Discovery filed suit today in the US District Court for the District of Delaware, alleging infringement of a patent filed by the company in September of 1999. Describing an "Electronic Book Security and Copyright Protection System," the patent was awarded in 2007, with Discovery founder John S. Hendricks listed among the inventors.
"The Kindle and Kindle 2 are important and popular content delivery systems," reads a canned statement from Discovery general counsel Joseph A. LaSala Jr. "We believe they infringe our intellectual property rights, and that we are entitled to fair compensation. "Legal action is not something Discovery takes lightly. Our tradition as an inventive company has produced considerable intellectual property assets for our shareholders, and today’s infringement litigation is part of our effort to protect and defend those assets."
Discovery and the law firm representing the company did not immediately respond to a request for comment. Amazon declined to comment.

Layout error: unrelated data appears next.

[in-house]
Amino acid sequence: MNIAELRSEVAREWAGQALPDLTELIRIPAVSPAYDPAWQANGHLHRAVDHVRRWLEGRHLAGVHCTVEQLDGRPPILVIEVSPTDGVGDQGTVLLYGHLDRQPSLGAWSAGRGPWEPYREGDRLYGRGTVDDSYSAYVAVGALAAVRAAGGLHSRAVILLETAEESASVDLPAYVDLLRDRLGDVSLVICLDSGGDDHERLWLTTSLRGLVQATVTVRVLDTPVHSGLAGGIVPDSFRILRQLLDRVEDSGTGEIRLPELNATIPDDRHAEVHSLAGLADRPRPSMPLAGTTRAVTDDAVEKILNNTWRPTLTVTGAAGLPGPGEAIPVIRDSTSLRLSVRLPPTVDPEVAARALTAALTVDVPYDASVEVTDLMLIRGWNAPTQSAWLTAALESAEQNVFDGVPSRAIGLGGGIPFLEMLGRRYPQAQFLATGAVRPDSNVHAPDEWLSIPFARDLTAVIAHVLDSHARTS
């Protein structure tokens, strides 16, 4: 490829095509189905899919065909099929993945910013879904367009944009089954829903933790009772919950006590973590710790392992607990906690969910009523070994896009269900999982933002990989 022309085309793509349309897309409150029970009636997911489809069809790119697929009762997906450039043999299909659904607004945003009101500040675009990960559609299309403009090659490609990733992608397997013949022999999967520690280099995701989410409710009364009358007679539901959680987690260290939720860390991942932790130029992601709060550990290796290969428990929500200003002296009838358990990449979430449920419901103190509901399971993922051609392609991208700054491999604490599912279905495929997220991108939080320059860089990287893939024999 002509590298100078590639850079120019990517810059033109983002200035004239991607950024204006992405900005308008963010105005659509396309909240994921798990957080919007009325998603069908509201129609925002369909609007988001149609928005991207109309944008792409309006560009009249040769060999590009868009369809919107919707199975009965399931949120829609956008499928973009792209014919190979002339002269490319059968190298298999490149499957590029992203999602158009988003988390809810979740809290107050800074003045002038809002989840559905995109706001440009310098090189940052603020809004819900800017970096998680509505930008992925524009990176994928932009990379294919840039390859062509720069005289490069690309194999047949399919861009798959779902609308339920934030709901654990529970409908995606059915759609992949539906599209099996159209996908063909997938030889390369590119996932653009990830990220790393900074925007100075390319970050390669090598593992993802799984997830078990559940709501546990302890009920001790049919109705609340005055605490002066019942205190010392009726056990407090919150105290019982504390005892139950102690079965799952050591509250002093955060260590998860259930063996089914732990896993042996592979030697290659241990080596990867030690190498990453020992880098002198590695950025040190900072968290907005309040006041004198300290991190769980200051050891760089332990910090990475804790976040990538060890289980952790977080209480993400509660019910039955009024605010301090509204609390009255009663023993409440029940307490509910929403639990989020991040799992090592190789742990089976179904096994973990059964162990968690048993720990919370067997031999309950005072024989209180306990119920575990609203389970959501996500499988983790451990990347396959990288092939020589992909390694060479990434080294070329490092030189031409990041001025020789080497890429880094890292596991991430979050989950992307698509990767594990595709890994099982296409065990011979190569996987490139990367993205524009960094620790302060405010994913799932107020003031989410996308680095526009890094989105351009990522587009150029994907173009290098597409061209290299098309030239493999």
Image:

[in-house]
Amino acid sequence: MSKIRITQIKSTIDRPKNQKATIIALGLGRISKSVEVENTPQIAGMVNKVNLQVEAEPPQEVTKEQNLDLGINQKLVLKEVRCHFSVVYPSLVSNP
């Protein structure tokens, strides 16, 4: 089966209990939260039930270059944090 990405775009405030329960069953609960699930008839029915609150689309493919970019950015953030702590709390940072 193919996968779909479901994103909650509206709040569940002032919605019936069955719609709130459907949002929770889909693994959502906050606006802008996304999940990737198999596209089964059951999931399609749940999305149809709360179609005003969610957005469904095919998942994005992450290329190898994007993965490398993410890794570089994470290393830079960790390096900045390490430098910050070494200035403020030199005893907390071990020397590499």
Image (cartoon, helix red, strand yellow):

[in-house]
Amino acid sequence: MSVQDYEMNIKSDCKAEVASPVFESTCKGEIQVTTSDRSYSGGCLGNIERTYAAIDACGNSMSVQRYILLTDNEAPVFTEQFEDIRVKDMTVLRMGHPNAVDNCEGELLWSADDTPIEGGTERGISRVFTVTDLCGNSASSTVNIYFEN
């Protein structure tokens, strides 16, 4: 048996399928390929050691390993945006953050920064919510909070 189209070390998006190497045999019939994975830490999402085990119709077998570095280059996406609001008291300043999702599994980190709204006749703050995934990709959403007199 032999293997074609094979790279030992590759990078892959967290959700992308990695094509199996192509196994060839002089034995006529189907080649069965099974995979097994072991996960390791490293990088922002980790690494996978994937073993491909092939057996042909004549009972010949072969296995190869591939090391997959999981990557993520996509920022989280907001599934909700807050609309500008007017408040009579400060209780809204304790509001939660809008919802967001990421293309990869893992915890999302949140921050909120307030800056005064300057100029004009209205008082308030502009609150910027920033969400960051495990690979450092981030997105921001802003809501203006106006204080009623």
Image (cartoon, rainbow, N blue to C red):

Discovery - known for the Discovery Channel, TLC, Animal Planet, and other cable networks - is objecting not only to the Kindle and its recently-announced sequel, the Kindle 2, but also to Amazon's online delivery system. Amazon delivers ebooks over something it calls WhisperNet, which runs over Sprint's EVDO wireless network.
"The home subsystem connects to a secure video distribution system or variety of alternative secure distribution systems, generates menus and stores text, and transacts through communicating mechanisms," the patent abstract reads. "A portable book-shaped viewer is used for secure viewing of the text. A billing system performs the transaction, management, authorization, collection and payments utilizing the telephone system or a variety of alternative communication systems using secure techniques."